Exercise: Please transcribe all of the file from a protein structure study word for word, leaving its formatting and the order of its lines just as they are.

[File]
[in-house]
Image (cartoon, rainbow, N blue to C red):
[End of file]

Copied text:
[in-house]
Image (cartoon, rainbow, N blue to C red):